Stamina InMotion Elliptical Trainer Review
After entering the market for under desk ellipticals back in December 2015, the Stamina has sold its fair share of units. But its low price hints at the quality issues it suffers.
$88-98 for basic unit
$139 with upper body cords
Free with Amazon Prime
1 year frame, 90 days parts
Green, Orange, and Gray
24" L x 17" W x 12" H
It's very inexpensive.
Like its sister product, the Stamina InMotion Compact Strider, we have serious durability concerns about this product. Consistent user reviews report squeaking noises after a couple of months of use, and pedaling becomes less fluid over time. The unit is unstable overall while standing, which is already a bad idea if you're trying to type and pedal at the same time.
The Stamina InMotion E1000 Elliptical Trainer entered the market for under desk pedal units in December 2015. That means it’s competing with the likes of the Cubii and the FitDesk Under Desk Elliptical, to name but two of the dozen units we reviewed in our most recent round-up (see our Desk Cycle Comparison Review). To stand up to the competition, it has to have an answer to the Cubii’s Bluetooth-enabled app integration, or at the very least, to the FitDesk’s solid engineering.
On the Bright Side
There are a few positive things to say about the Stamina InMotion Elliptical Trainer - the price, for instance. We've found it as cheap as $78 on Amazon. We also like the fact that the pedals rotate forwards and backwards so you can mix in different movements throughout the day. And scouring through the Amazon reviews, many of them are positive. (There’s over 2,000 and at an average of 4 stars.) One caveat on these customer reviews, though. While written information from these reviews are very telling, Amazon star ratings tend to be inflated, as this article of ours discusses.
Take a closer look, and you’ll find this product suffers from severe quality issues. As many reviewers point out, there's a pesky problem with the left pedal falling off over time. Some chalk the problem up to a design flaw, and that seems likely.
To add insult to injury, there’s a serious squeakiness problem with the unit after a couple months’ use (a common issue in the product category).
Add to that the frequent complaints about the pedaling becoming less fluid over time, and we can safely conclude the product suffers from a lack of durability. For the price, perhaps you get what you pay for, but with a little more money, you’ll find something that lasts.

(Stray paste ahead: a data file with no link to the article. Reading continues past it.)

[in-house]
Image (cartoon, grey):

Despite all the negatives, there is another feature of the Stamina InMotion Elliptical Trainer worth taking a look at.
A Redeeming Virtue?
One thing Stamina's InMotion Elliptical Trainer can do over the Cubii and the FitDesk is double as a standing exercise machine. There’s a couple other products on the market that offer this sit-stand feature, including the Elliptical Trainer’s close cousin, the Stamina InMotion Compact Strider, as well as the j/fit Under Desk Elliptical Trainer. But many user reviews on Amazon and third party sites are generally critical of this feature.
Part of the issue is that the stride is abnormally short. Users—especially taller ones—find the abbreviated motion frustrating compared to the full elliptical motion they find on equipment at the gym.
Add to that the weak stability of the unit while standing, and balance becomes a big issue. Plus, there’s nowhere to rest your hands, and that exacerbates the balancing issue. The response that "it’s a core workout" might be true, but we’re thinking about using this equipment in the context of the office, and a full body workout is better done at the gym where you can grunt and sweat to your heart's content.
Regardless, with your hands and body moving in the elliptical motion, you’ll be hard-pressed to mouse and type, or even concentrate on your screen as your head bobs back and forth. So, for our purposes, we don’t find the standup feature compelling.
If you’re in the market for an under desk pedal unit and the elliptical trainers have caught your eye, whether for their ergonomics or the fact they fit better under your desk, or both, you’d be better served in the long term going with a higher quality product from the dozen units we reviewed.
When stacked up against competitors like the Cubii and the FitDesk, the Stamina InMotion Elliptical Trainer is clearly the cheap alternative. It doesn’t offer the smart phone connectivity and social features of the Cubii nor the quality engineering of the FitDesk.
Frankly, it’s difficult to see this piece of equipment fitting into the office. It seems designed to be a jack of all trades, and it tries to do too much. It might come across as extremely versatile in an infomercial, but with its standup feature out of the way, it’s a cheap, one-dimensional under desk elliptical machine and a ticking time bomb waiting to break.
For kicks, our review staff created what we imagine is the world's first sit-stand-walk-pedal workstation. Check out the blog article on our Quad-Modal Office Fitness DreamStation. We integrated a Cubii with an iMovR Everest Dual-Tray desk, an iMovR ThermoTread GT office treadmill, a Tempo TreadTop Office Chair, and an EcoLast TreadTop Anti-Fatigue Mat to optimize movement during the workday.
If you do end up deciding to invest in a cycling workstation, definitely check out our primer on How to Set Up an Ergonomically Proper Desk Cycle to ensure a successful experience.
See our comprehensive Comparison Review of Desk Cycles and Bike Desks.